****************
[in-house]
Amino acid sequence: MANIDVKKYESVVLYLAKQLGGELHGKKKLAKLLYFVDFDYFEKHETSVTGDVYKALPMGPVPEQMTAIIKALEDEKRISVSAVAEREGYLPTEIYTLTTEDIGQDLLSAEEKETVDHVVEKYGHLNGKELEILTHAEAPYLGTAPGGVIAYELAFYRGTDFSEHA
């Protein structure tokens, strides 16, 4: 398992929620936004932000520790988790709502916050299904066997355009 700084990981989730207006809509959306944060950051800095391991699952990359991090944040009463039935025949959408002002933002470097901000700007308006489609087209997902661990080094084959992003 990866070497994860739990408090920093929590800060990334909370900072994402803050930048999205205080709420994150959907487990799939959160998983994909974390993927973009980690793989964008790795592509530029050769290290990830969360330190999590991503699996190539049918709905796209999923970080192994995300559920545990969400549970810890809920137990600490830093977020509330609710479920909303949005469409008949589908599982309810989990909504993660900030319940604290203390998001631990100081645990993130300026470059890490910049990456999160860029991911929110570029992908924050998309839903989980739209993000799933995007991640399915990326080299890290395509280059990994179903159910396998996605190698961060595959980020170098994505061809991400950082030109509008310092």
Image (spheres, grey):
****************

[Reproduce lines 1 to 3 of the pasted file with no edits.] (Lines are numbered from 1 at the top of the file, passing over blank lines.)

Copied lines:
[in-house]
Amino acid sequence: MANIDVKKYESVVLYLAKQLGGELHGKKKLAKLLYFVDFDYFEKHETSVTGDVYKALPMGPVPEQMTAIIKALEDEKRISVSAVAEREGYLPTEIYTLTTEDIGQDLLSAEEKETVDHVVEKYGHLNGKELEILTHAEAPYLGTAPGGVIAYELAFYRGTDFSEHA
């Protein structure tokens, strides 16, 4: 398992929620936004932000520790988790709502916050299904066997355009 700084990981989730207006809509959306944060950051800095391991699952990359991090944040009463039935025949959408002002933002470097901000700007308006489609087209997902661990080094084959992003 990866070497994860739990408090920093929590800060990334909370900072994402803050930048999205205080709420994150959907487990799939959160998983994909974390993927973009980690793989964008790795592509530029050769290290990830969360330190999590991503699996190539049918709905796209999923970080192994995300559920545990969400549970810890809920137990600490830093977020509330609710479920909303949005469409008949589908599982309810989990909504993660900030319940604290203390998001631990100081645990993130300026470059890490910049990456999160860029991911929110570029992908924050998309839903989980739209993000799933995007991640399915990326080299890290395509280059990994179903159910396998996605190698961060595959980020170098994505061809991400950082030109509008310092």